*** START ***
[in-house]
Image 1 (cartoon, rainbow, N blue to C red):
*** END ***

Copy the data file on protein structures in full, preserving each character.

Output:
[in-house]
Image 1 (cartoon, rainbow, N blue to C red):